Local governments put on notice to employ RPEQs

Local governments put on notice to employ RPEQs

Queensland’s anti-corruption body, the Crime and Corruption Commission (CCC), considers the providing of professional engineering services when not registered or directly supervised by a RPEQ to be corrupt conduct under the Crime and Corruption Act 2001.

The CCC formed the view following receipt of a complaint about the conduct of some engineers undertaking engineering services at a council without being registered or directly supervised. The CCC has now written to the chief executive officers of the 77 local governments in Queensland informing them of its view.

Chief executive officers are expected to take appropriate action to address, if any, contrary to the Professional Engineers Act 2002 and make inquiries to ensure that staff engaged – internally or externally – in the provision of professional engineering services to the council are appropriately registered.

A 2019 review of local government compliance with the PE Act found that there were 430 RPEQs employed directly by councils. The vast majority – 290 – were employed by the major councils in South East Queensland (Brisbane, Gold Coast, Sunshine Coast, Logan and Toowoomba). As of 29 September 2020, the number of RPEQs employed directly by Queensland local governments had risen. This increase is positive but there are still councils who do not appear to employ RPEQs directly. The expectation for these councils is that they procure services externally from a RPEQ. The finding by the CCC supports BPEQ’s position that there should be more RPEQs employed in local government.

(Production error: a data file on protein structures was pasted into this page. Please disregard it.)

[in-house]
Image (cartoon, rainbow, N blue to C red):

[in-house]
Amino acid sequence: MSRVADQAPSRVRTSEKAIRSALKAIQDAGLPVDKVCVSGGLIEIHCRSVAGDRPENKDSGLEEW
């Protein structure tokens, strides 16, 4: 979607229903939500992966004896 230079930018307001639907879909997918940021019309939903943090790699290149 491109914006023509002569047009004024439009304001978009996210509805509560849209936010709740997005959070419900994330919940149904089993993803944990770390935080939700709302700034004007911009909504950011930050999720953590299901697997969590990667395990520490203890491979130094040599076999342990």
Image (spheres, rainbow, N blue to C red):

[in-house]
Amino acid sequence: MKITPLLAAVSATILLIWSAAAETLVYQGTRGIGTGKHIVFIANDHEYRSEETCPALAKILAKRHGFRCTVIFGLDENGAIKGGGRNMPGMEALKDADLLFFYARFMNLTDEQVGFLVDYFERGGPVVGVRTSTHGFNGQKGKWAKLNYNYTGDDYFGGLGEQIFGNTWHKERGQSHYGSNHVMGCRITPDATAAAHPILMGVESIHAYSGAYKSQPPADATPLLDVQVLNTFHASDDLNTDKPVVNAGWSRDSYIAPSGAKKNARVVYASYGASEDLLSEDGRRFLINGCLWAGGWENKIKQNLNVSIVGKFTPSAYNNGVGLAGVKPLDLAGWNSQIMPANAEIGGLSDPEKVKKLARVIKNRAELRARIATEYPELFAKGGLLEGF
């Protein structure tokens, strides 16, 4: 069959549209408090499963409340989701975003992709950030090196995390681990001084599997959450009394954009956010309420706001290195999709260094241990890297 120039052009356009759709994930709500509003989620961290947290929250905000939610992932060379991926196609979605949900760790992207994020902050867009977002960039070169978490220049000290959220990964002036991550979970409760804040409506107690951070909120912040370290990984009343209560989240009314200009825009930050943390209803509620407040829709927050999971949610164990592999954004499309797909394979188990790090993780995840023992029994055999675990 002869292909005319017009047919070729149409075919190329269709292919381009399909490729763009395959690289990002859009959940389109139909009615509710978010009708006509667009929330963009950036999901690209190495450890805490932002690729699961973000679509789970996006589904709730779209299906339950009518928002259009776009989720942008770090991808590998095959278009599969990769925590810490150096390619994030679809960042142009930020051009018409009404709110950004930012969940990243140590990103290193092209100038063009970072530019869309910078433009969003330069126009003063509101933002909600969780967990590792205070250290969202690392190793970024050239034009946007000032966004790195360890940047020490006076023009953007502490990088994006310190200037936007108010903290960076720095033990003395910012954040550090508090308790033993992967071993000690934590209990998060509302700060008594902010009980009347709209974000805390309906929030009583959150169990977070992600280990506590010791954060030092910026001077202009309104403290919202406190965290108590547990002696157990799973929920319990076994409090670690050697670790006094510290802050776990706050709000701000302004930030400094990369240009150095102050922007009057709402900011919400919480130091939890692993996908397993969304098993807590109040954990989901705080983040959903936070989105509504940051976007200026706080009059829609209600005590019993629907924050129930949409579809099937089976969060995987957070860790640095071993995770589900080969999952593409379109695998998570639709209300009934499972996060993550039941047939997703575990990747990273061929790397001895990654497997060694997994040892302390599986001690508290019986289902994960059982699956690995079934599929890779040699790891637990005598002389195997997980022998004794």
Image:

BPEQ has undertaken a comprehensive engagement plan with local governments across state – contacting all 77 councils with information about the PE Act and RPEQ system and holding seminars or meetings with all but 10 of them. BPEQ will continue to engage with local government and offer its education services.

Councils, and indeed all employers of engineers, are reminded that professional engineering services in Queensland are required by law to be carried out by a RPEQ or under the direct supervision of a RPEQ:


1. Qualification

graduating from a recognised tertiary institute with a four-year undergraduate degree in engineering (or equivalent)

2. Competency

gained through experience working as an engineer and carrying out professional engineering services; between 4-5 years

3. Assessment

qualification and competency assessed through an approved assessment scheme. Different assessment schemes operate for different areas of engineering. Assessment may involve formal interviews, a written career summary or sponsorship from a peer or supervisor

4. Registration

application submitted to BPEQ along with letter of assessment and fitness to practice declaration


Direct contact

(between RPEQ and student/graduate engineer) and actual knowledge (of the project or service)


(by RPEQ)


(by RPEQ)


(by RPEQ)

Full professional responsibility

(by RPEQ)

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